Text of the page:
DC at Night

DC at Night

Thursday, October 25, 2012

Rolling with the Stones

Rock journalist Rona Elliot wants to make one thing very clear about her new enhanced E-book Never Stop: My Conversations with Rolling Stones. "It is not an expose; it's more like a love letter from a fan," Elliot says.

And Elliot was a fan of Mick Jagger, Keith Richards and the rest of the Stones long before she became a noted music correspondent for MTV and The Today Show. In fact, she first saw the Stones, whose longevity has allowed them to stake claim to the title of the greatest rock and roll band in the world, in 1965 in California  She paid $5 for her ticket. On their last tour in 2006, she paid $400 for her Stones ticket. "Now that really shows you how much times have changed," Eliot says with a laugh.

With the Rolling Stones' announcement they will be playing 4 concerts (2 in London and 2 in New Jersey) to celebrate their 50th anniversary later this year, Elliot's recent appearance at the Newseum to discuss her new work was extremely timely.

The e-book is based, on large part, on interviews that Elliot conducted over the years with Jagger and Richards, who first met as British teenagers sharing a passion for American blues.

"Mick and Keith's relationship is different than whatever you think it is," Elliot said. "They're portrayed as having a tangled rivalry, but they'll go into a studio and have 3 songs by noon if Keith gets up by noon.

But there are basic differences in the ways the pair, who labeled themselves the Glimmer Twins, approach their stardom. "Keith always answers from the heart. Mick does seem to be more guarded and more wary of what people read into him. He has more of a wall," Elliot said.

But when it comes to their music, both are consummate performers. "Mick dances and practices 3 hours a day and Keith does the same thing with a guitar," Elliot said. "You can count on Mick and Keith to deliver a great performance."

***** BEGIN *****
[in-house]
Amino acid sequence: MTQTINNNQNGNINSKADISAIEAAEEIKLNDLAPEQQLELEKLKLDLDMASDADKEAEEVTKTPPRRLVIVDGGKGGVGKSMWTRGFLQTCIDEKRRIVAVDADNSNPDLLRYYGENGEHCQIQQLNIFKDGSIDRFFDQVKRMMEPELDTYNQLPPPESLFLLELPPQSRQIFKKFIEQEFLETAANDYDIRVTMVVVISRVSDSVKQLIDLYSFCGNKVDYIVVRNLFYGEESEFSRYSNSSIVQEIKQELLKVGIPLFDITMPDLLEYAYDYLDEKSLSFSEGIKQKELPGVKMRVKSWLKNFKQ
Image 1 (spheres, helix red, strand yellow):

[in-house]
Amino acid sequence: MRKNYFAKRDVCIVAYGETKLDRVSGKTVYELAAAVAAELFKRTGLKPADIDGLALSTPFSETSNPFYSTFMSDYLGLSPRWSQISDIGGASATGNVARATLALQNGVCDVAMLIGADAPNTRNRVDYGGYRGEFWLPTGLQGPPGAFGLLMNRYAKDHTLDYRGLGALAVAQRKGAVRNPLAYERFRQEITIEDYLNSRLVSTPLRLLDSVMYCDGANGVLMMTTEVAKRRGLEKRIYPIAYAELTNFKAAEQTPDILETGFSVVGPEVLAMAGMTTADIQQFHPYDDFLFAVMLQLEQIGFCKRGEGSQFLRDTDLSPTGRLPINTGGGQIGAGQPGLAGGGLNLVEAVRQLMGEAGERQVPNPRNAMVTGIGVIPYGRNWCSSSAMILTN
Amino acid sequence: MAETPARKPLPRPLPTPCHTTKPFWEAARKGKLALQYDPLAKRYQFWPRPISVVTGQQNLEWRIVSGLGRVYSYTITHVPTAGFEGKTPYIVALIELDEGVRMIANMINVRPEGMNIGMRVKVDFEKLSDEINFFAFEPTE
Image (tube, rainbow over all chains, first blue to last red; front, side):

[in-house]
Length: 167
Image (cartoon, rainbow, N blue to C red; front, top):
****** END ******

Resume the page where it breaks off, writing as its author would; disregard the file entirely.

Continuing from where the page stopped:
Since their emergence in the early 1960s, the Stones have always challenged the Beatles for rock superiority. "But the Beatles and the Stones appeal to different body parts," Elliot said. "The Stones make you think of sex. The Beatles make you think of loftier things. But the Stones are right there with the Beatles. If you are a product of the 60s, there's the Beatles and the Stones and Bob Dylan."

Of course, the 60s are known as much for drugs as for great music. And no living musician is more associated with drug use and abuse than Richards, who a few years ago composed and released a best-selling autobiography. "The fact that Keith Richards remembers anything is amazing,"  Elliot joked. "But now he is the wise elder; the man who actually shows what rock and roll is and what rock and roll has to offer."

Rona Elliot and her new enhanced E-book
But what about people who contend that the aging Stones, all of whom are in or nearing their 70s, are too old to rock? "They don't need the money. They don't need the fame," Elliot said. "But they show us that the game isn't up if you're not 25. They prove you're not limited by a number.When people tell me 'well Mick Jagger looks like a prune' I tell them he's dancing 3 hours a day - what are you doing? The Stones serve as a reminder that we all can continue to make contributions. Long after we're dead and gone people will be listening to the Stones just like we are still listening to Mozart."

Tales, Tidbits, and Tips
The Stones will be busy between now and the end of 2012. In addition to the 4 scheduled concerts, they are also releasing a new documentary of their 50 years together titled Crossfire Hurricane. It will air on HBO. They will also be offering a new packaging of 50 songs, 48 hits and 2 newly recorded tunes.  You can hear the 1st of the new tunes "Doom and Gloom," the 1st single from the Stones in 7 years, by clicking here.

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